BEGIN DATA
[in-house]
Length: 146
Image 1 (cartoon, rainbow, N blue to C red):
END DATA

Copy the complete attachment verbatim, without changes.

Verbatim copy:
[in-house]
Length: 146
Image 1 (cartoon, rainbow, N blue to C red):